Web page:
hit counter Beauty(s) Online
Okay but can we talk for a moment about the layers of complexity regarding race that are unfolding in this scene right here?
- Two black women discussing very real issues of privilege and passing regarding dark and light skin tones in society.
- In which topics of identity and feelings of belonging and kinship are discussed and dissected explicitly, because one is the bi-racial child of the other, at one point actually pointing out how she didn’t feel like she belonged to either group.
- Which is further complicated by the fact that Lena is a lesbian, so her comments about belonging (or rather not belonging) to the minority or majority take on another layer of unspoken but very present and implied exclusion/inclusion.
- All of which is sparked from Lena’s mom calling Lena out on the fact that throwing a kickass Quinceanera (without really fully understanding the ins and outs and nuances of the culture) is not the same as making sure Mariana is part of her Latina culture, and actually in fact very finely skirts the line of cultural appropriation if it’s all about you projecting your feelings of cultural isolation.
This is what happens when you make women, women of color, and lesbians the main characters of your show. We can have conversations like this on TV, and regardless on whose side of the discussion you fall on, the fact that we’re even SEEING this conversation is, in itself, revolutionary. It has been a long time since I have seen a scene like this tackle the topics of race so head on, and on a family show at that.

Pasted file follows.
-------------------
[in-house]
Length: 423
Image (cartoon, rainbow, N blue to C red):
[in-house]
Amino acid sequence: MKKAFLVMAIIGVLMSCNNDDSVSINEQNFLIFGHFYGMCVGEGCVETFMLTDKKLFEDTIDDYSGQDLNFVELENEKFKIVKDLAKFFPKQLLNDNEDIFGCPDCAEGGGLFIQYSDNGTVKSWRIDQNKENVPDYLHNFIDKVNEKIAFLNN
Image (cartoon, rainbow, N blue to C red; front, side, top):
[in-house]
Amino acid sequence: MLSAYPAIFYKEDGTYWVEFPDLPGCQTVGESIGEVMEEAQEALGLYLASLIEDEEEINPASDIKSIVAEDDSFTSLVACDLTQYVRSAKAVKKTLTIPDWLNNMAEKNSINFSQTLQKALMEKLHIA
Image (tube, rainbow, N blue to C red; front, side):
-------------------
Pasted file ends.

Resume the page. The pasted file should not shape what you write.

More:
Major props to everyone involved in bringing this scene to life, because the writing and the acting make it so neither woman is fully in the wrong, and I am so happy to see this bring brought up, because scene like this spark dialogue about topics that are rarely addressed so openly in our own lives.
Tagged by homegirl dreamsandwhatever for 6 of my lame-ass selfies ;)
This is good news. On the surface at least. Hopefully they will be able to flush out Boko Haram and those that finance, aid and abet them. In a perfect world, they will tackle this earnestly, which will mean political upheaval in some respects. Many politicians and top tier military brass will be exposed if the goal is to truly combat and neutralize Boko Haram. It will be messy (and bloody).
The question is, what took them so long to arrive here? It’s common sense. After the Chibok kidnappings, I said this was the only logical course of action. Quite a few people disagreed with me as they felt that western intervention was best. I disagreed with that opinion then and I disagree with it now. We’ve got to change the way we think in times of crisis, but that’s another story for another day.
This is a problem that can only be fixed by regional forces. It must be fixed from within. Western intervention beyond intelligence or supplying surveillance equipment means two things;
1. An eventual abandonment or exodus which does nothing long term.
2. Permanent or long term occupation which is never a good thing. This will ultimately lead to even more problems.
Let’s wait and see. That’s all we can do. These developments are long overdue.
Editor Yomi Adegoke
Photographer: Kim Jobson
The Color Purple (1985)